So it is to be expected that the Chair will reflect the administration's politics and preferred policies. However, in the end the Chair is independent. Though a Chair typically resigns if a term is not renewed, there is no obligation to do so. If Bernanke's term as Fed Chair is not renewed, he can still serve out his full seventeen year term. He'll still be on the Board, if he wishes, long after the current president is gone and his job will be much easier if the economy is doing well many years down the road giving him an interest in the economy's long-run performance. And of course, and more importantly, he'll have a better chance of keeping his job as Chair when the next president comes aboard if the economy does well which gives him an interest in the economy's performance that extends beyond the current administration. Thus, while the Fed Chair is subject to influence from the president, there remains strong incentives to do what's best in the long-run rather than what's best for a particular president.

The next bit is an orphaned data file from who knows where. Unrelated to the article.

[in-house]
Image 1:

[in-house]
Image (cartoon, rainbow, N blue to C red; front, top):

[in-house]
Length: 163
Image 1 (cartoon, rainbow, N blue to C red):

Our politics may differ, but when it comes to monetary policy I have faith that Ben Bernanke and others on the FOMC have nothing but the best interest of the country in mind when they set monetary policy. I may disagree with their decisions, and I make it clear when I do, but I don't doubt they are doing their best to achieve the mandated goals of output and price stability.